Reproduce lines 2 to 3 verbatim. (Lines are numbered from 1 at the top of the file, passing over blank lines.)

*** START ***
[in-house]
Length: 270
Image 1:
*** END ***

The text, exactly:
Length: 270
Image 1: